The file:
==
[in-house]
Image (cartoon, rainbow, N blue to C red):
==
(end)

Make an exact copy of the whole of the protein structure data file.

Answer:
[in-house]
Image (cartoon, rainbow, N blue to C red):